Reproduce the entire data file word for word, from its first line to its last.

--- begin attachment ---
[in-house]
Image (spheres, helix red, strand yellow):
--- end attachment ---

[in-house]
Image (spheres, helix red, strand yellow):